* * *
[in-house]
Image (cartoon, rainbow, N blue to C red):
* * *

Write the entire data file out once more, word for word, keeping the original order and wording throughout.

[in-house]
Image (cartoon, rainbow, N blue to C red):